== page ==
That retailer sold 71 specialist whitening and multi-benefit whitening products. The spreadsheet listed the claims relating to the whitening aspects of those toothpastes which appeared either on-pack or on the retailer’s website. Colgate-Palmolive said the unit sales of those 71 products, plus the sales of their own other “non-instant” whitening products which were not stocked by that retailer, accounted for 96.1% of the whitening market in the UK. Additional research, carried out in July 2014, identified a further six toothpastes on the market. The spreadsheet listed claims in relation to five of those toothpastes. Colgate-Palmolive said all the identified claims related to whitening in general, not optical brightening specifically.
Colgate-Palmolive considered that reviewing the labelling and advertising claims for the products was a sufficient basis on which to assess whether the products used similar whitening methods to that in Max White One Optic, as any other company using a similar technology utilising optic brighteners would reference that in their labelling and advertising. They said it was impossible for them to obtain complete and detailed ingredient lists for other products, as such information was proprietary and confidential, but they had nevertheless reviewed the ingredient lists of the comparator products and considered they did not contain sufficient levels of the key ingredients needed for optic brightening to provide a visual whitening effect.
Colgate-Palmolive said that, additionally, they had filed a patent application in December 2013 (published in July 2015) which was made to specifically protect the optic brightening component of the toothpaste. They considered that this demonstrated that the technology involved in stabilising blue pigment with a toothpaste, such that it could bond to teeth, was complex. They provided a copy of the application.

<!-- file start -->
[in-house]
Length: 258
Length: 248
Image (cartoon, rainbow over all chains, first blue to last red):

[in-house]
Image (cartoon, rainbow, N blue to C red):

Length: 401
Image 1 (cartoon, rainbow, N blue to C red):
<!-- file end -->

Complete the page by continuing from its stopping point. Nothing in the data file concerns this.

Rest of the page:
2. & 3. Colgate-Palmolive said the claims related to the optic brightening effect of the toothpaste. When the optical brightening strips dissolved during brushing the pigment bound to the teeth, which caused the whitening effect. The polymer increased the retention of the optic brightener on the teeth. They provided a study which compared the whitening effect of a formula which was substantially similar to Max White One Optic with a placebo toothpaste.
The study was an examiner-blinded, two-treatment crossover study, measured using two whiteness indices and a test methodology which Colgate-Palmolive said were industry-accepted for measuring tooth whiteness. Colgate-Palmolive provided copies of published studies which they said demonstrated that the indices and methodology used were well-accepted and a sufficiently robust means of measuring tooth whiteness. They said the study conducted on Max White One Optic found a statistically significant immediate whitening benefit of the Max White One Optic toothpaste when compared with a placebo control.
Colgate-Palmolive also provided results from a consumer research survey, in which 151 consumers used the product as their normal toothpaste for two weeks and who were then asked questions about the product. Colgate-Palmolive highlighted that 67% of those surveyed were satisfied with its whitening ability and 58% agreed that the product made their teeth visibly whiter.